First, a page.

As the pandemic eases, businesses have “more clarity and more confidence to invest” thanks to coronavirus vaccines and predictions of how people will react when the world opens, Pearce said. Some industries that have slowed down in line with conventional wisdom, such as car dealerships, are now berating themselves for failing to meet growing demand, he said.

But John Paul Rollert, a professor at the University of Chicago Booth School of Business, said moving forward in the face of volatile behavior is a high-risk, high-reward approach.

“You play really high stakes poker,” said Mr Rollert. However, he added, as the economy recovers and money is flowing around, “you can see why these companies might be thinking to themselves, ‘Covid was good for us, but maybe post-Covid will be great for us.’

Newzoo, a gaming analyst firm, predicts that people will spend $ 175.8 billion on games this year, down 1 percent from 2020. This will be the first cut since Newzoo began tracking spending in 2012.

Take-Two said this month that it expects sales to fall 30 percent in the next quarter from a year earlier and 8 percent in the fiscal year. Activision Blizzard, which publishes the war game Call of Duty, predicted an 11% decline in sales for the next quarter from a year earlier.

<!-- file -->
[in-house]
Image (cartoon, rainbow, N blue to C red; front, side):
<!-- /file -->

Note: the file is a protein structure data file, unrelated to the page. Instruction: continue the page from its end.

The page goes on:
“It’s hard to imagine that, at least in the near future, there will be as many costs or playing time or as many players as the industry received last year,” said Matthew Ball, managing partner of Epyllion Industries, which operates the venture. a capital fund investing in gambling.

Other problems are looming, such as a global shortage of microcircuits. limitation of availability new game consoles from Microsoft and Sony, and a shortage of blockbusters after a year of remote work have made game development even more difficult than usual.

However, game developers have said they are not worried, especially after the pandemic has risen so rapidly.

In January, Microsoft announced $ 5 billion in quarterly gaming revenue for the first time, partly due to the next generation of Xbox consoles… The company also bought ZeniMax Media, which publishes games like Skyrim and Fallout, for $ 7.5 billion in September.